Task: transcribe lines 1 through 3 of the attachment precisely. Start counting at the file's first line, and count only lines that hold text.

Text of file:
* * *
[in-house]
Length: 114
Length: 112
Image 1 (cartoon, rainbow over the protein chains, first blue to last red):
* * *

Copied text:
[in-house]
Length: 114
Length: 112